October 12, 2005 in City

West’s data to stay secret – for now

By The Spokesman-Review
 
Holly Pickett photo

Mayor Jim West addresses the Spokane City Council on Monday.
(Full-size photo)

A cloak of secrecy was placed Tuesday over the City Council’s investigation of alleged “workplace misconduct” by Mayor Jim West.

A private investigator, hired with $15,000 in taxpayer money, struck a deal that will allow him to secretly examine the contents of the mayor’s city-owned computer, but not publicly discuss the findings.

Under the agreement, West will have 10 days to take legal action to block public release of the investigator’s final report after it’s delivered to the City Council. If West does not intervene within the 10 days, the council is free to publicly release the findings.

Investigator Mark Busto also is examining published reports that West was involved in “improper conduct” by offering city jobs and appointments to young gay men he met online.

The “protective order” apparently was struck without direct involvement by the City Council, even though individual members knew it was in the works.

City Council President Dennis Hession said Tuesday evening the legal agreement will allow Busto, a Bellevue attorney, to more-expeditiously examine the mayor’s computer files and finalize a report on whether he violated city policies or ethics.

“It will provide the investigator with the opportunity to examine this information, unencumbered by a suit that asks if the material is public record,” Hession said.

“I’m a little distressed that there’s this cloak of – I don’t want to say ‘secrecy,’ ” said City Councilman Al French. “I just wish the outcome had been different.”

French said his goal has been to “inform the public” about various allegations surrounding the mayor since they first surfaced in May.

Councilwoman Cherie Rodgers said the council should have had input on the agreement.

“I don’t think it should have been done this way,” Rodgers said Tuesday night. “It’s easy to do the public’s business behind the scenes like this, but it’s another to do it out in the open where government business should be conducted.”

The agreement is “another in a series of stall tactics preventing the public from knowing the mayor’s X files,” she said.

Busto and West’s attorneys, Bill Etter and Susan Troppmann, reached the agreement on Tuesday, one day before a Superior Court judge will be asked to make the computer files public.

Attorneys for The Spokesman-Review will ask visiting Superior Court Judge Richard Miller today to rule that the contents of the mayor’s City Hall computer should be public record, in accordance with written city policies for all employees.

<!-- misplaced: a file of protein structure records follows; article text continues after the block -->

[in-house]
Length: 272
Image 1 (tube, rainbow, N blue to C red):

The newspaper’s attorneys also are expected to oppose the protective order, agreed to by Busto, his legal colleague Edward Taylor, and West’s attorneys.

“A promise of confidentiality cannot exempt a document from disclosure under the state’s Open Public Records Act,” said attorney Tracy LeRoy, who represents the newspaper.

Under the deal, Busto will be given a copy of three CDs copied from the mayor’s computer, which was seized in early May.

The computer files contain pictures of young gay men and sexually explicit correspondence on the mayor’s computer, according to court documents.

The protective order will “expire and be of no further effect” if Judge Miller rules that the contents of West’s computer are public record, according to the agreement.

Busto was hired in early September by the City Council, which promised a thorough public investigation after a five-member investigative panel, appointed by then-City Attorney Mike Connelly, collapsed amid conflict-of-interest charges.

“There’s really no secrecy about it,” Hession, himself an attorney, said of the need for the protective order. “The issues before the council are very different from the public records issues raised by the newspaper.”

Hession said the contents of West’s City Hall computer should be made immediately available to Busto, who is conducting an internal investigation to determine if policies were violated.

“Our issue is not whether they are public records,” Hession said. The city’s position, he said, is that its investigator should have immediate access to material on the government computer as part of an internal investigation involving a city employee.

The issue of whether to allow Busto to enter into the agreement with West’s attorneys “was not discussed by the council,” Hession said.

The protective order applies to the files and data on West’s computer Internet cache and to files or fragments in the unallocated space on the mayor’s computer hard drive.

The newspaper also is seeking a cloned copy of West’s computer disc to see what deleted files may be recovered with a forensic examination.

Under the agreement, Busto’s investigative report “may refer to and describe” the material he examines on West’s computer. But if the report contains those details, the investigative findings will be provided only to the City Council, its legal counsel, and to West’s attorneys, and can’t be publicly disclosed for 10 days.


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